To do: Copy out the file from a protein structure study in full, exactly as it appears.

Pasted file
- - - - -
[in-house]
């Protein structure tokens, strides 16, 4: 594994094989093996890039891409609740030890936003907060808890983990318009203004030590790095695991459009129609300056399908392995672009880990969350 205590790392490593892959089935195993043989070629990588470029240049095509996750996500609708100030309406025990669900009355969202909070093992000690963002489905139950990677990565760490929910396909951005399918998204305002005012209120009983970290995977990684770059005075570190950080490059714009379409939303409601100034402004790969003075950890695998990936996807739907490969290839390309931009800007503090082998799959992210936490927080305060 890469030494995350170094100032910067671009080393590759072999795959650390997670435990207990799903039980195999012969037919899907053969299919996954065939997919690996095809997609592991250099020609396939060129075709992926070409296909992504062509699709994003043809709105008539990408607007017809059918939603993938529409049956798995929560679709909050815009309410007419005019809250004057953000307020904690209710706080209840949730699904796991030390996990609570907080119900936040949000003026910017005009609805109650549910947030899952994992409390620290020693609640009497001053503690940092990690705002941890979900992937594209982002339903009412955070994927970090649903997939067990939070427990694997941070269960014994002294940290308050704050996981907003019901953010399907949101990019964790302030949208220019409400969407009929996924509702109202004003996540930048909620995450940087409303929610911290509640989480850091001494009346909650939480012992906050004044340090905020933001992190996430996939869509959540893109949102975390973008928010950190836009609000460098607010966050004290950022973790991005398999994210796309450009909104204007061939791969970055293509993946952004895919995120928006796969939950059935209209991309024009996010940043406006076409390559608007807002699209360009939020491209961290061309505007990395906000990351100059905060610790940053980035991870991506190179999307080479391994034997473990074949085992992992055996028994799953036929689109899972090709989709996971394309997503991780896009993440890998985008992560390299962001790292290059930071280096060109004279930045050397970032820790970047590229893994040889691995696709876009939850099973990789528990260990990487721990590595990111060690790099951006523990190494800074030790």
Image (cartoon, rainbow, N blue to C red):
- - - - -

[in-house]
């Protein structure tokens, strides 16, 4: 594994094989093996890039891409609740030890936003907060808890983990318009203004030590790095695991459009129609300056399908392995672009880990969350 205590790392490593892959089935195993043989070629990588470029240049095509996750996500609708100030309406025990669900009355969202909070093992000690963002489905139950990677990565760490929910396909951005399918998204305002005012209120009983970290995977990684770059005075570190950080490059714009379409939303409601100034402004790969003075950890695998990936996807739907490969290839390309931009800007503090082998799959992210936490927080305060 890469030494995350170094100032910067671009080393590759072999795959650390997670435990207990799903039980195999012969037919899907053969299919996954065939997919690996095809997609592991250099020609396939060129075709992926070409296909992504062509699709994003043809709105008539990408607007017809059918939603993938529409049956798995929560679709909050815009309410007419005019809250004057953000307020904690209710706080209840949730699904796991030390996990609570907080119900936040949000003026910017005009609805109650549910947030899952994992409390620290020693609640009497001053503690940092990690705002941890979900992937594209982002339903009412955070994927970090649903997939067990939070427990694997941070269960014994002294940290308050704050996981907003019901953010399907949101990019964790302030949208220019409400969407009929996924509702109202004003996540930048909620995450940087409303929610911290509640989480850091001494009346909650939480012992906050004044340090905020933001992190996430996939869509959540893109949102975390973008928010950190836009609000460098607010966050004290950022973790991005398999994210796309450009909104204007061939791969970055293509993946952004895919995120928006796969939950059935209209991309024009996010940043406006076409390559608007807002699209360009939020491209961290061309505007990395906000990351100059905060610790940053980035991870991506190179999307080479391994034997473990074949085992992992055996028994799953036929689109899972090709989709996971394309997503991780896009993440890998985008992560390299962001790292290059930071280096060109004279930045050397970032820790970047590229893994040889691995696709876009939850099973990789528990260990990487721990590595990111060690790099951006523990190494800074030790």
Image (cartoon, rainbow, N blue to C red):